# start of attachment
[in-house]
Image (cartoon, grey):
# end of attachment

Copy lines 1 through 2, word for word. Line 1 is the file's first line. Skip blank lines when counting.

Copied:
[in-house]
Image (cartoon, grey):